turn of phrase


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turn of phrase

1. An expression. I understood what she was saying until she used a turn of phrase that I had never heard.
2. An eloquent style of writing or speaking. That writer's turn of phrase has earned him many accolades and awards.
See also: of, phrase, turn

turn of phrase

A particular arrangement of words, as in I'd never heard that turn of phrase before, or An idiom can be described as a turn of phrase. This idiom alludes to the turning or shaping of objects (as on a lathe), a usage dating from the late 1600s.
See also: of, phrase, turn

a ˌturn of ˈphrase

a particular way of saying something or describing something: She has a very amusing turn of phrase.
See also: of, phrase, turn
References in periodicals archive ?
"And does your turn of phrase indicating allrightness extend to coffee?"
"He possessed a turn of phrase that engaged every reader.
Drawing from letters and other documents in a number of sources, he chose quotations for their interesting turn of phrase and their insight into his thoughts on a particular topic.
"They are palpably dangerous to health." In other words, when someone complains of being knocked out after cleaning house, it's likely more than just a turn of phrase.
I read it in one sitting, mesmerized by the tales of man against fish and awe-struck by a turn of phrase which marries understanding of the sport with modern cultural references.
Virtually every page contains an interesting factual tidbit or a clever turn of phrase about what we eat and why.
Through the creation of this home it is clear that the family have already begun to tune in to their architects' romantic turn of phrase. They are already enjoying the detail of the brick-modular socket plates, the branching conduit lighting, and the switch plates integrated in the door frames; a pleasure that will no doubt grow as they inhabit the spaces; as they learn not to scratch their legs as they climb into the brick encased bath tub; and, as they let music fill the space, lie on the warm brick-slip floor and try to pinpoint the virtually invisible ionisation smoke detectors set within the constellations of their new concrete sky.
"I CHOOSE TROPICALIA not because it is liberal but because it is libertine." With this pithy turn of phrase, poet Torquato Neto put forth two of the Brazilian movement's most provocative claims: first, that it provided an ideological alternative to defensive nationalisms, both Left and Right, in late-'60s Brazil; and second, that this alternative was constructed on an aesthetics of punning and resignification, a revaluing of words and positions, a flipping of public platforms into playgrounds that would invert the so-called predicament of Brazil's tropical malaise into a vibrant cultural legacy called Tropicalia.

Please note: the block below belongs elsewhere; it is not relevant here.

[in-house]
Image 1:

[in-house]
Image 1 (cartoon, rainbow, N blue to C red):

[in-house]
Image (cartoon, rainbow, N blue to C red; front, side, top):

For example, in a simple turn of phrase, Levine and Pitt made the invisible glaringly apparent when they coined the phrase "working fathers" in their 1995 landmark book.
We're looking for the magic turn of phrase that will push the discussion past the realm of histrionic personal attacks, past the false and suffocating dualities that come about when the self-hatred defense is used against those who hold unpopular viewpoints, and into the realm of an objective and reasonable debate, a debate that could enhance our community's powers of serf-analysis by including twice as many participants.
The taut dialogue doesn't leave much room for distractions - which is a pity because Siler has a gifted turn of phrase.
And, always, with a neat turn of phrase - a pro's pro.
R., who bought them from a junk dealer," who in turn had bought them off a landlady from "a cheap hotel where a Russian woman had lived and died." We're also told that her various personal effects were up for sale as well, referring to these items as "all that is left after a woman vanishes." Like Berberova's short, elegant tale, such a provocative turn of phrase seems ripe for mulling over, even after the writer is gone.
I'm late in the season and grieving for crepe myrtles, their long skin birthmarked, their higgledy-piggledy limbs tied with bits of old string begging to be remembered by springtime--while secret beauties in alleyways abandon themselves for a turn of phrase, no matter how hackneyed the twinkling eye.
And Hit Time is sometimes beset with cliched, dated dialogue and banal prose like "She had an ugly-wugly feeling." Yet every now and then, a beautiful turn of phrase appears like "the wind hiked up Lake Michigan's blue skirt, showing off the frothy white slip underneath."